Facebook has served its purpose.
While debating what to fill this editorial space with this week, we threw out a random thought to our Facebook friends.
The question was, what to write about this week - blankies or the need for anti-scab legislation.
Friends offered up their suggestions, and our dilemma suddenly had four options.
After serious thought we realized two of the ideas were connected in a strange way.
Let's start with the blankies; 6,000 of them, to be exact.
The provincial government has spent nearly $60,000 ($9.93 per unit) on blankies for babies to help infants become familiar with shapes, colours and textures.
The Department of Education's Early Learning Division, through Learning Resource Distribution Centres across the province, is handing them out.
The blankies are embroidered with lines from nursery songs, like "Twinkle, Twinkle Little Star" that can be cooed by parents to their babies.
Forgive our cynicism; but when the state has to hand out props to encourage parents to do what should come naturally - singing lullabies and wrapping babies in warm, snuggly blankies - we have to despair for the future of mankind.
If we have to initiate a government program to encourage parental/baby bonding, it's already a tad too late to kickstart parental instincts.
Then, there's the money.
The government's intervention in parenting doesn't stop with the blankies. Oh, no.
The blankie kit also includes a bath mitt, and a story book.
The pilot program is aimed, first, at infants aged to six months old. (And at this point we can't help but wonder how the program will be assessed; who will ask the infants how they liked their blankies?)
Eventually the resource kit will be rolled out for children to age three.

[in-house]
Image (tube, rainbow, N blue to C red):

The final tally will be $500,000 - yes, that's half a million dollars - for taxpayers over three years.
Now, let's talk about cafeterias. Bear with us, please, there is a link to blankies.
For the past several weeks parents of children who are fortunate enough to have schools with cafeterias, have been fretting over what they would possilby do if the contractor providing cafeteria service went on strike.
They might, they worried, have to provide brown bag lunches for their children.
Think about that for a moment. That's an editorial for another day.
Brown bag lunches, as one of our Facebook friends suggested, is a fact of life for students and parents in rural Newfoundland and Labrador.
What's more, friend suggested, many children don't have a designated cafeteria space in their schools in which to eat their lunch.
Instead, they have to make do with the desktops in their classroom; not exactly the most pristine of environments in which to eat food.
"Our students eat in the hallways or at their desks because, after 30 years (of the school's construction) we still don't have a cafeteria," a friend posted on our Facebook, describing the frustration of parents and children at one particular school.
We know of many schools where this situation is true.
We also know that classrooms doing double duty as lunchrooms create a whole myriad of problems; from the mess created from spilled drinks and cookie crumbs, to the extra work required by janitors to keep these classrooms clean, to the germ factor associated with having to eat lunch at a desk that has seen its share of glue sticks, pencil lead, crayon, dust and fingerprints.
So the question to the Department of Education is, why do blankies appear to be more important than decent lunchroom facilities in schools?
Priorities are skewed here.
There are sufficient programs already offered through Health and Education departments - there are well baby clinics, family resource centres, and libraries where books are free. Most parents have easy access to these programs and services.
However, children stuck in school for seven hours a day don't have options if their school doesn't have sufficient ammenities.
While the half million dollars for blankies and other gifts for infants might have been well intention, the money spent was a waste.
While government might be looking for the pat on their desire to get involved in the first year of a child's development, they'd get more thanks if they ensured the child is able to enjoy some basic ammenities - like a designated lunch room - for the 13 years of their school life.
Problems like these can't be solved with warm, cozy blankets.
So what's the solution for that, Minister Jackman?